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…and we’re back.
About the attack –> The president does not seem to have previously been moved when civilians were killed by the Assad government, which has dropped bombs on and brutally tortured its own people continually for the past several years. But he was, apparently, moved by pictures of some of the young casualties of the regime’s most recent gas attack (who were among the same population of young Syrians he doesn’t want in the US). Thus, an about face on US foreign policy was born.
Late last week, US forces delivered their first attack against the Assad government, a missile strike on the military base that was the source of the gas attack — but not before warning Assad’s Russian allies, who in turn may have warned the Assad regime to get its people out. At the G7 summit, which convenes today and includes the United States, Canada, France, Germany, Italy, Japan and the United Kingdom, Rex Tillerson will look for allies to help the US in a potential fight against Assad, the BBC reports.
Congress largely praised the attack, with some Democrats tepidly pointing out that the war remains illegal — Andrew Prokop pulls together examples for Vox. America violated the UN charter with a unilateral strike, breaking international law, Charlie Savage explains for The New York Times. Furthermore, Congress holds the power to make war, not the president, Hina Shamsi writes for the ACLU’s blog.
Despite this, the media also largely praised the attack — Jared Holt has a roundup of examples at Media Matter for America. “In every type of government, nothing unites people behind the leader more quickly, reflexively or reliably than war,” writes Glenn Greenwald at The Intercept. “Donald Trump now sees how true that is, as the same establishment leaders in US politics and media who have spent months denouncing him as a mentally unstable and inept authoritarian and unprecedented threat to democracy are standing and applauding him as he launches bombs at Syrian government targets.” But hey, television ratings were up during the strikes.
Brace yourself, Congress –> Despite a call by Nancy Pelosi that Congress stick around and authorize Trump’s use of force in Syria, Republicans leaders adjourned the House and Senate for a scheduled two-week recess. Many members are now at home in their districts — where they’re likely to get an earful from angry constituents, Dierdre Fulton writes for Common Dreams. Organizers are urging voters to hold their lawmakers accountable “on everything from the confirmation of Supreme Court nominee Neil Gorsuch to the ongoing national health care debacle to the country’s latest ‘reckless act of war.’ ”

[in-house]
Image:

Back to the drawing board –> Tax reform was supposedly the next item on the Republican agenda following a repeal of and replacement for Obamacare that ultimately didn’t materialize. Now it looks like tax reform is on hold too. The AP reports that Trump is scrapping the tax plan he campaigned on. “Administration officials say it’s now unlikely that a tax overhaul will meet the August deadline set by Treasury Secretary Steve Mnuchin,” Josh Boak and Stephen Ohlemacher report.
The new Glass-Steagall? –> Sen. Elizabeth Warren (D-MA) has reintroduced a bill to put in place a “21st Century Glass-Steagall,” which would reduce the risks that banks take with customers’ money — and, reformers say, help prevent a repeat of the 2008 financial crisis. The bill is bipartisan: John McCain is on board. It has been introduced before, but interestingly, Trump’s top economic advisor, Gary Cohn, might also be on board this time. The original Glass-Steagall dates from 1933.
With a banjo on his knee –> Democrats have raised millions to win a Georgia special election and replace a House seat vacated by Tom Price, Donald Trump’s health care head. But the party is paying little attention to another special election in Montana to fill the seat vacated by Department of the Interior head Ryan Zinke. Perhaps they should: Rob Quist, a respected bluegrass musician running as a Democrat is building a populist insurgency, Alexander Kaufman and Ryan Grim report for The Huffington Post.
Greens take to the courts –> The Guardian’s Joanna Walters looks at some of the latest suits against the Trump administration’s efforts to roll back bans on drilling in the Arctic and Atlantic, and to loosen smog regulations. Meanwhile, a coalition of cities, states and environmental groups are suing to keep Obama’s Clean Power Plan moving forward even as Donald Trump attempts to roll it back, John Cushman writes for InsideClimate News.
Back at it –> Nebraskans are continuing the fight against the Keystone Pipeline “on all fronts.” The battle between local landowners, tribes and activists has gone on for years, and will decide the fate of the pipeline, Kate Aronoff writes for In These Times.
On Bannon’s removal from NSC –> Donald Trump’s top strategist, Steve Bannon, was booted from the National Security Council last week — a move politicians of both parties applauded. But it might not mean much, Allegra Kirkland writes for Talking Points Memo. “This is just a bureaucratic version of Trump’s speech before Congress where he stands up and does something semi-normal and everyone heralds it as the return to normalcy. We should wise up by now,” one former Obama official tells Kirkland.
Regardless, Bannon seems annoyed about it. He threatened to quit, but didn’t at the urging of Rebekah Mercer, daughter of right-wing billionaire and Breitbart investor Robert Mercer. (More on them here.) And he’s walking around calling his apparent rival, Jared Kushner, a “cuck,” a “globalist” and a “Democrat,” which says something about the high level of order within the White House as it wades into war.
We produce this news digest every weekday. You canto receive these updates as an email.